Special Purpose Systems

During the history of motion pictures, there have been numerous camera and projection systems, some of which have had widespread use for a period and then have become obsolete. It is the purpose of the American Cinema-tographer Manual to explain and display current systems; for history, please refer to earlier editions of the manual and American Cinematographer magazine.

8. 65mm, 5-perforation, frame photography for compositing to one of the 35mm systems. Any part of the negative image may be used.

9.65mm, 5-perforation, frame photography for printing on 70mm. The difference in camera and projector apertures allows for a magnetic sound track between picture and perforations on each side, and the added 5mm width allows for two magnetic sound tracks outside the perforations on each side. (Figure 6)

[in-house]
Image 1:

A. General theatrical distribution; rarely used presently.

B. Showscan; uses this format but photographed and projected at 60 fps in a specially designed theater environment on a large screen at higher than standard brightness and with terraced seating to improve sightlines. Grain, flicker and image "strobing" are minimized.

C. For special purpose projection systems such as Disney's 3-D atEPCOT.

10.65mm, 15-perforation, horizontal frame photography (24 fps) (Imax/Omnimax). (Figure 7) The film format for the two systems is the same. Imax is projected on a large flat screen in specially designed theaters.

Omnimax is photographed with a "fisheye" lens, optically centered 0.37 inches above the film centerline and displayed on a dome screen, filling 180 degrees laterally and 20 degrees below and 110 degrees above the horizon for central viewers. The picture shape is thus elliptical. Both systems use terraced seating to improve sightlines.

No. 8 8 9 TODD-AO SUPER PANAVISION— NONSQUEEZED NEGATIVE

No. 8 8 9 TODD-AO SUPER PANAVISION— NONSQUEEZED NEGATIVE

CAMERA APERTURE 2.066" x 0.906"

CAMERA APERTURE 2.066" x 0.906"

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